A case in point: The Texas Fourteenth Court of Appeals upheld a capital murder conviction (life sentence) in August in which the main inculpatory evidence was a voice identification made by a witness 20 years after the crime occurred. Since the standard of review was "abuse of discretion," the justices felt compelled to defer to the trial judge's ruling, which relied on a 1972 Supreme Court precedent, Neil v. Biggers. But Chief Justice Kem Thompson Frost offered up a concurrence suggesting the law and science are out of whack:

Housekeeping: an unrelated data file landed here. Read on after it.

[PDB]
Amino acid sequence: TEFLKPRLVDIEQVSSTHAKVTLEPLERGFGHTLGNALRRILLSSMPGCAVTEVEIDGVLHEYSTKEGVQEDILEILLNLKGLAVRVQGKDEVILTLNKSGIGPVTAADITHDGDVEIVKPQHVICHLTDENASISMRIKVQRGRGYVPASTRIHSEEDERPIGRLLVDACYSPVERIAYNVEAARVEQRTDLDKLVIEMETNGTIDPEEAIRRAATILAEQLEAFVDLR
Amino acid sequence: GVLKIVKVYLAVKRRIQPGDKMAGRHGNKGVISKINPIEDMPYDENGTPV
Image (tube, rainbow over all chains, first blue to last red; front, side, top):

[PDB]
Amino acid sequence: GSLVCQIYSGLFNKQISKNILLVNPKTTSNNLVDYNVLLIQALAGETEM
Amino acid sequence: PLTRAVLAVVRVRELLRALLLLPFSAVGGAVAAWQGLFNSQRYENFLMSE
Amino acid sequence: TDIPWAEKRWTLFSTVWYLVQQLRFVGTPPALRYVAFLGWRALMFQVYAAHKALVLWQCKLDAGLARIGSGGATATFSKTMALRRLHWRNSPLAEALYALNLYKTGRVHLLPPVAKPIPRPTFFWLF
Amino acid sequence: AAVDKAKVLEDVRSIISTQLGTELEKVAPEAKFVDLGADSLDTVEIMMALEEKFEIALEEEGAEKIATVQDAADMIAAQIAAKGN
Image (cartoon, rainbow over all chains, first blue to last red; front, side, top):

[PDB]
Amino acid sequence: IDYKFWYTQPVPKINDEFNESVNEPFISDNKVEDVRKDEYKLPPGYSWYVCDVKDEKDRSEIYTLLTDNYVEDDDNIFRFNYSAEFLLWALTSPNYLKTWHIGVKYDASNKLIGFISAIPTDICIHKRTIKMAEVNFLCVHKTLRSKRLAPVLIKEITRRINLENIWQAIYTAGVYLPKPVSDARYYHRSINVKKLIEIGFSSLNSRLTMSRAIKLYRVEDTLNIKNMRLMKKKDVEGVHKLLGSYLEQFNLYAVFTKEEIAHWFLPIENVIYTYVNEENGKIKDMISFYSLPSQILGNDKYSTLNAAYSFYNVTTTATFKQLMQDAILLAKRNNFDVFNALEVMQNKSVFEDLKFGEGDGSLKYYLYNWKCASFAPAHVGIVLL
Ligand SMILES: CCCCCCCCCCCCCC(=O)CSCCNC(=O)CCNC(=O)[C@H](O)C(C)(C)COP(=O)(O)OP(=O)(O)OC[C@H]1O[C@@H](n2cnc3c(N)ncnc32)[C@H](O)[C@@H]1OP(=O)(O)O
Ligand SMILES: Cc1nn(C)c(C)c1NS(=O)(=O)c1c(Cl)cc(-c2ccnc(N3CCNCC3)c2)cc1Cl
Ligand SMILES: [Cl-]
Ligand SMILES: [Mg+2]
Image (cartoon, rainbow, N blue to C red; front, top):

In the forty-three years since the Supreme Court of the United States articulated the Biggers factors, scientists have been studying whether these factors accurately predict the reliability of a witness’s identification. The findings raise concerns. Studies are ongoing, but the research results in hand tend to undercut confidence that the Biggers factors are truly indicia of reliability. The scientific literature suggests that though some of the Biggers factors relate to the reliability of a witness’s identification, others do not. Empirical research seems to be revealing that some of the factors may not be good indicators of reliability.Chief Justice Thompson Frost adumbrated a sampling of research demonstrating why the factors judges are told to consider in Biggers don't jibe with modern science, much of which also relates to shortcomings in eyewitness testimony. In the end, though, she concluded that "Even though the scientific literature calls into question the validity of the Biggers factors, this court is bound to consider them" and, ultimately, to defer to the trial court. There's little question, though, that the Chief Justice has identified a rather junky brand of evidence which deserves closer scrutiny than it has heretofore received.